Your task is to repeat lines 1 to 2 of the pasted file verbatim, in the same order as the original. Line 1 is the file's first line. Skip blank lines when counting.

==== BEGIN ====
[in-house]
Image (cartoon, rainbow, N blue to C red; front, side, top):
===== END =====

[in-house]
Image (cartoon, rainbow, N blue to C red; front, side, top):